Consumer surplus is what you make of it

Will Wilkinson doesn't like haggling:

I hate it. I am terrible at it. As a consequence, I bought nothing in Turkey other than tickets to various things, room, food, and a poster of Ataturk. And I overpaid for all of these things, I’m sure, which has left me a bit bitter about the place. Surely this is inefficient overall, no? I understand the price discrimination argument for haggling, especially in a country with a lot of poverty and tourism. But probably hundreds of my dollars stayed in my pocket because I didn’t have good information about the quality of products and I knew the retailer is better at bargaining over the surplus than I am, so… there was no transaction and no surplus.

I can't help but hear the voice of Tyler Cowen echoing in my head:

It is you people, you who resent Coase (1972), you people who induce wage and price stickiness and widen the Okun gap. You people, who don't know what it means to sit back and enjoy your consumer surplus. You beasts!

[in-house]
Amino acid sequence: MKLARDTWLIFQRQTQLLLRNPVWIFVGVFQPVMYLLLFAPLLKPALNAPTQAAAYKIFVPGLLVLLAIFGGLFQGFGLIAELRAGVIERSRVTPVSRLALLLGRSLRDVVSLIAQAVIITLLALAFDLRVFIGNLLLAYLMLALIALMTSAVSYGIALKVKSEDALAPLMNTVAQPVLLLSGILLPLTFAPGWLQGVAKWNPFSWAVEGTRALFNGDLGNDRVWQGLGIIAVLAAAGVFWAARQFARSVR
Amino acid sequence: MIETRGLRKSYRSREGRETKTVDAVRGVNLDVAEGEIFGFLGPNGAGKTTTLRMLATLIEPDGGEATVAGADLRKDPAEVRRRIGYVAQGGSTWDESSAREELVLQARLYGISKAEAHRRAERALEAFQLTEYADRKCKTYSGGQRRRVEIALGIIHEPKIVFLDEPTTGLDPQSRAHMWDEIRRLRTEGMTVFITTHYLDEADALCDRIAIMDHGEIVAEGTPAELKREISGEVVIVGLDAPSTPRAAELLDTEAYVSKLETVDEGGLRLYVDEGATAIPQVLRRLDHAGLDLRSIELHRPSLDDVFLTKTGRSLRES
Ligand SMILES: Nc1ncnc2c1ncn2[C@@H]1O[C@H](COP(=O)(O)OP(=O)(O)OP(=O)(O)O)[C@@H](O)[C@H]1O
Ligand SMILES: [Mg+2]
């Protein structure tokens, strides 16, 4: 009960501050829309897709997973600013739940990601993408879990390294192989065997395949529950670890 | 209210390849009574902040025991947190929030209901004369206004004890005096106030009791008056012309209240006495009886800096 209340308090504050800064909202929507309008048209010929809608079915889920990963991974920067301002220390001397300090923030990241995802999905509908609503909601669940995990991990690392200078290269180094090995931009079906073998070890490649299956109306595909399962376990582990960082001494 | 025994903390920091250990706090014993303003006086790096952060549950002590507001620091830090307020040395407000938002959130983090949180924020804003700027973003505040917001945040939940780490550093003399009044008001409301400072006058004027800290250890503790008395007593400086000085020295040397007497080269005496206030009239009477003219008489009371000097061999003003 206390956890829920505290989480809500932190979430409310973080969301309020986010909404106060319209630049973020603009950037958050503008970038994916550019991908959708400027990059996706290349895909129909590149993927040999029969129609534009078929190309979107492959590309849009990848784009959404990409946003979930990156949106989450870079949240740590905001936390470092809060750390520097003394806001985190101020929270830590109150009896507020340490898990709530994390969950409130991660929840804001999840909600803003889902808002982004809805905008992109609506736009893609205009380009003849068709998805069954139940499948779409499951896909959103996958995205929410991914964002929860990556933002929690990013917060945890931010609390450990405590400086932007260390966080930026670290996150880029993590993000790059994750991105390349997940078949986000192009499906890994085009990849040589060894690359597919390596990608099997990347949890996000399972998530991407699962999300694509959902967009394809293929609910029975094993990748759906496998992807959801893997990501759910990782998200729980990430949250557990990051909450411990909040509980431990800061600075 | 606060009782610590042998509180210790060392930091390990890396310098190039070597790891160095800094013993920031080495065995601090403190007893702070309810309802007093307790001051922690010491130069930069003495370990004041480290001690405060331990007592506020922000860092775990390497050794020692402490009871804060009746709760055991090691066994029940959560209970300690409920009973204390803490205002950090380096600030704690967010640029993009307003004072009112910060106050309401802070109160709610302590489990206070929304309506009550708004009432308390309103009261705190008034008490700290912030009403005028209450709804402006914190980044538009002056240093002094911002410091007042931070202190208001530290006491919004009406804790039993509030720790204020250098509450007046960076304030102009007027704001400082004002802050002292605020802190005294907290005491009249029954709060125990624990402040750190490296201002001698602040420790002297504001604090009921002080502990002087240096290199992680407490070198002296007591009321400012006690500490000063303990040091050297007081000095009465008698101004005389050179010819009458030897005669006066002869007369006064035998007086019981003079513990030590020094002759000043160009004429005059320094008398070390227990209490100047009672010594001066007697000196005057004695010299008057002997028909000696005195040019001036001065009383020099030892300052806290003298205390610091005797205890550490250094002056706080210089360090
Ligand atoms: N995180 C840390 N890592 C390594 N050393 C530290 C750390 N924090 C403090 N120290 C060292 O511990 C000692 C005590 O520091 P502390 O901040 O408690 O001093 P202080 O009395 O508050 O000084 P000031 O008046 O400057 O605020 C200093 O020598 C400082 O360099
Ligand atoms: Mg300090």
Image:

I weep for Will's missed opportunity. I too have haggled in Turkey, and I have a feeling I'm pretty bad at it. I bought a rug that I am sure could have been obtained for less money if I were a sharper dealer. Who cares? The rug was good wool, had tight knots at the back, and I really liked the design. The important thing was not what it was worth to a Turk; it's what it was worth to me. Which is, a lot more than I paid for it. Most of what is bought in Turkey by tourists is cheap clothing and decorative goods that can be readily visually inspected.

It is only right and natural that we should want to maximize our consumer surplus. But as long as you are getting consumer surplus, you should make the deal. Besides, "one price" is no guarantee that you are getting a good deal. It saves time and lets you free ride on the judgement of others, but Consumer Reports, and America's livingrooms, are full of evidence that their judgement isn't always particularly good.

To be sure, I should not have bought a beige rug. But I still love it. And I'm still wearing the earrings I bought in Greece despite the fact that I know nothing about gold jewelry.

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Megan McArdle is a columnist at Bloomberg View and a former senior editor at The Atlantic. Her new book is The Up Side of Down.

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